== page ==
Seven drama series play at the 2020 San Sebastian Film Festival, a historic record. Three series, Movistar Plus’ “Riot Police” and HBO Europe’s “Patria” and “We Are Who We Are,” screen in their entirety in San Sebastián’s Official Selection, another first.
None of this seems a coincidence. Traditionally the highest-profile film event in the Spanish-speaking world, San Sebastian is fast becoming one of its most important drama series showcases as well.
This year the San Sebastián Film Festival’s TV cup runneth over. Why is another matter. Following, five suggestions:
San Sebastian Festival’s Backers
The Festival’s two major sponsors, Telefonica pay TV division Movistar Plus and public broadcaster Radio Televisión Española (RTVE), are TV companies. In Spain, local series have mesmerized local audiences for the last 25 years. Over 2011-16, only three U.S. shows – “The Pillars of the Earth,” “The Witch” and ABC’S “Resurrection” – made the cut of Spain’s top 10 most-watched dramas of the year, according to audience research company Geca. That’s also one reason why Movistar Plus, when it sought to create exclusive original content that marked it out from competitors, turned to drama series, releasing its first, “Velvet Collection” in Sept. 2017. Since then, no telecom in Europe has driven into drama series production with the energy of Movistar Plus, which has produced 21 original series, 13 returning seasons and one original film, Alejandro Amenábar’s “While At War.”
TV Series’ Business Logic
Making drama series in Spain has other business logic. Their market is the single biggest accessible language market in the world: 477 million Spanish-speakers, only trumped by Mandarin. Spanish series are also proving that great shows can come from anywhere and being watched everywhere, the business model of Netflix, whose Francisco Ramos, VP of original international content for Latin America and Spain, will be the subject of a festival conversation on Sept. 23. Bowing April 3, “Money Heist” Part 4 (“La Casa de Papel Part 4”) was watched by 65 million Netflix households in its first four weeks. Little wonder that in 2019, Netflix produced more hours of original productions in Spain (163) than any other country outside the U.S., apart from South Korea (238), but on a par with the U.K. (160), according to an Omdia analysis.
HBO Europe Comes to Fruition
“We’re keeping with the strategy of making few projects,” Miguel Salvat, HBO España’s commissioning editor of original programming, said at early September’s Conecta Fiction Reboot. It puts series through meticulous development. But HBO Europe’s banner series are ever more now coming to fruition. Announced at San Sebastian in 2017, and originally scheduled for a May 17 premiere, put back by COVID-19, “Patria” charting the impact of the Basque conflict on two once inseparable women friends, now world premiered at San Sebastián on Friday. Sisters smackdown drama “Hermanas,” the first episode of “Escenario 0,” a stage play to TV anthology, bows slightly later in the San Sebastián’s Festival’s Made in Spain section.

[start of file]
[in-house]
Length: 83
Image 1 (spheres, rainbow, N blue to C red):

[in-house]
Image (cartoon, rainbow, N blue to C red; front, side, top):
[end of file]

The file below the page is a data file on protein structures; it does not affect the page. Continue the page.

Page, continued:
Series’ Ever Greater Spectacle
As competition bites hard, TV operators are scaling up, principally to meet the ever larger creative ambitions of their key talent. So they often have something to show: RTVE Gala screening for example is female Conquistador drama “Inés of My Soul,” one of its most ambitious series ever, fruit of pioneering international co-production and collaboration with streamer Amazon Prime Video. “Tell Me Who I Am,” which receives its Movistar Plus Gala on Monday at San Sebastian, wears its production values on its sleeve from the get go, in its multiplicity of period crowd scenes – whether street protests or the audience at a political meeting in 1934 Madrid or an ocean liner docked at a port which opens Ep. 2. Such scenes are also much better seen in a cinema theater.
The Film to TV Diaspora
Above all, San Sebastián’s TV shows remain cinema. When Netflix first plowed into making non-English language original series abroad, beginning in Latin America with Mexico’s “Club de Cuervos,” shown by Gaz Alazraki in 2015, it largely sought out a generation of cineastes to make the shows, in order to mark them apart from more traditional TV fare. That talent diaspora from film to TV continues, helping to shape its premium fiction. “Riot Police” and “We Are Who We Are” mark the first full-blown showrunner work of Spain’s Rodrigo Sorogoyen and Italy’s Luca Guadagnino, two of Europe’s most acclaimed filmmakers. “Alardea,” the EITB Gala screening, is the first TV series from David Pérez Sañudo, whose first feature, “Ane,” which plays New Directors, is one of the buzzy debuts at this year’s San Sebastián. The same is true of producers. Playing the Festival’s Zinemira Basque showcase, “The Miramar Murders: The State vs. Pablo Ibar” is backed by the very same companies – San Sebastian’s Irusoin, Seville’s La Claqueta – behind “The Endless Trench,” one of the biggest recent movie hits at the San Sebastian Festival.
In “Riot Police,” Sorogoyen adopts one movie style and point of view for its opening episode, turning on a bungled eviction, then reverts to another for the rest of the series, creating a series which is often woundingly intimate but paints a broad canvas portrait of society which is corrupt from the top down. Showing series, San Sebastián is often merely reaffirming, in a mass audience context, its commitment to film as art.
Emilio Mayorga contributed to this article.